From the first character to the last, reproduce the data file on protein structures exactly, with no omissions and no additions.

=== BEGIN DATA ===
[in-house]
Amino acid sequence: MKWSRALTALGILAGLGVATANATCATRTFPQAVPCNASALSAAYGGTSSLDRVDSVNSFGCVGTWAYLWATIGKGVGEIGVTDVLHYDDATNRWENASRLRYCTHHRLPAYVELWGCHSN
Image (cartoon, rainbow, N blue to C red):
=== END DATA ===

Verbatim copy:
[in-house]
Amino acid sequence: MKWSRALTALGILAGLGVATANATCATRTFPQAVPCNASALSAAYGGTSSLDRVDSVNSFGCVGTWAYLWATIGKGVGEIGVTDVLHYDDATNRWENASRLRYCTHHRLPAYVELWGCHSN
Image (cartoon, rainbow, N blue to C red):